July 15, 2016

From the Editor Emeritus / John F. Fink

The Church rebounds: It defines papal infallibility

John F. Fink(Third in a series of columns)

With the beating the papacy took during the 18th century, especially in France and including the times when Napoleon Bonaparte imprisoned two popes, it’s understandable that Pope Pius IX was anxious to re-establish the authority of the pope. One way to do that, he decided, was to make the concept of papal infallibility a dogma of the Church. He decided that a council should do this, the first council since the Council of Trent in the 16th century.

Infallibility means the inability to err in teachings on faith and morals. Popes at least from the time of Gregory VII in 1073 believed that they were infallible, but it had never been solemnly defined as a dogma. When the First Vatican Council was convened in 1869, Pius IX had been pope for 23 years. Of the 739 bishops in the world, he had appointed all but 81. More than a third were Italians, and they and the French composed an absolute majority. He was confident, therefore, that the bishops would do his bidding.

However, not all the bishops were in favor of the definition of papal infallibility that the pope had in mind. About a third of them accepted the primacy of the pope, but thought that he could make decisions binding the whole Church only when he acted in agreement with the other bishops.

Discussion of the issue was lengthy, but eventually both sides starting thinking compromise. Those who proclaimed absolute authority for the pope began to see that there should be some limitations on papal infallibility. Those on the other side could see that there was support for the idea of divine guidance for papal teachings.

Cardinal Guido, the superior general of the Dominicans, offered the compromise on June 18, 1870. He suggested that the debate should focus on the infallibility of the pope’s doctrinal decisions rather than on the infallibility of the person of the pope. He said that the pope’s decisions were infallible precisely because they were made in concert with the other bishops, and that the pope could teach infallibly only when he acted in union with his fellow bishops and when he respected the tradition of the Church.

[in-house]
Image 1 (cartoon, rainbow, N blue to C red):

From then on, the council dealt with the pope’s doctrinal decisions rather than with the pope himself—which infuriated Pius IX because he really considered himself to be infallible. Before the vote took place, about 80 bishops left the council rather than vote against the pope.

The vote on the issue was taken on July 18, 1870, and passed 533 to 2. The council decreed that the pope teaches infallibly when he teaches ex cathedra (“from the papal throne”) on matters of faith or morals.

It made a subtle difference between the pope himself and what he teaches. It said that, under certain strictly limited circumstances, the pope teaches infallibly, but it was careful not to state that the pope is an infallible person. Pope Pius IX was disappointed.

Since 1870, this dogma has been used only once, in 1950 when Pope Pius XII proclaimed the dogma of the Assumption of Mary. †

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